The Federal Communications Commission has a critical role to play when it comes to addressing the nation’s challenges of climate change, cybersecurity and energy resource management, said FCC Commissioner Geoffrey Starks.
During a disaster, lives may depend on the nation’s public communications sector and those networks rely on power, Starks said during a speech at the Congressional Black Caucus Foundation’s 2021 Virtual Annual Legislative Conference on Sept. 14.
Given the importance of these issues, the FCC must update its rules when it comes to preplanned coordination with energy companies, which includes potentially requiring them to provide some sort of access to backup power during an emergency, he said.
Starks also pointed out the importance of working aggressively to counter cybersecurity threats. He noted President Joe Biden’s recent National Security Memorandum, which calls for a broad government and industry cybersecurity initiative across multiple infrastructure sectors. For the FCC’s part, it is in the process of engaging with federal partners to identify network vulnerabilities.
For example, the commission has started proceedings to block certain foreign telecom companies from being responsible for carrying communications within the U.S. And Starks said the commission has begun the process of finding and replacing nearly $2 billion worth of equipment from what he called “untrustworthy vendors” in the wireless telecom market.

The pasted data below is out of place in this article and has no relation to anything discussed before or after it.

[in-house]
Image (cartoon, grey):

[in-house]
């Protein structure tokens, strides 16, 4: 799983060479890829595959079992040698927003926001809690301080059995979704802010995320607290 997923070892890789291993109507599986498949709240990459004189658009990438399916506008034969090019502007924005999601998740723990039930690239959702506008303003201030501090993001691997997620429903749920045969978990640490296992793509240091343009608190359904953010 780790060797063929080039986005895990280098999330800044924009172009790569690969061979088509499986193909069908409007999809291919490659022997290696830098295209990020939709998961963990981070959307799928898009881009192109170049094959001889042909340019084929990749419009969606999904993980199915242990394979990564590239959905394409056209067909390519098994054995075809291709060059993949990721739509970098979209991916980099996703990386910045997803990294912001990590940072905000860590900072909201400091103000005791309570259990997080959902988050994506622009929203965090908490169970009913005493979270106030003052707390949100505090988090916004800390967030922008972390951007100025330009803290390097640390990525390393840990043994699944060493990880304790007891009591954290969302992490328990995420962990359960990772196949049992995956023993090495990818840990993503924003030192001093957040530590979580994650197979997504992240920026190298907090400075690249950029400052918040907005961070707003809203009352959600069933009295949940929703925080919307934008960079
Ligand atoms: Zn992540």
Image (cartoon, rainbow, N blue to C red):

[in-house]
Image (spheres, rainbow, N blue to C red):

Taking the obvious next step — revoking the authority to import or sell equipment from those same vendors — could impact devices like sensors, webcams and routers used by business, including energy companies. “The energy sector needs to know that our telecom networks are secure and resilient,” Starks said in his speech.
Starks pointed to smart meters as an example of how the energy sector is already using advanced telecom networks. Smart meters not only allow energy companies to monitor the sturdiness of a communications grid but these devices give energy companies the opportunity to easily inform consumers about their energy usage and warn about potentially high energy bills before they are incurred.
Starks’ colleague, Acting Chairwoman of the FCC Jessica Rosenworcel, has already taken steps to address security in communications across the U.S. Rosenworcel recently named members to a key advisory panel to a federal advisory committee that provides recommendations to the FCC to improve security and reliability of communications systems in the U.S.
Rosenworcel called the Communications Security, Reliability and Interoperability Council “one of the nation’s most impactful cybersecurity partnerships.” The revamped council will include government departments, public broadcast stations, private companies, telecoms, industry organizations and private organizations.
“I see deep parallels between the energy sector and telecommunications sector — both face some serious challenges, but the future also holds tremendous promise,” Starks said in ending his speech. “Let’s keep pushing to fulfill that promise.”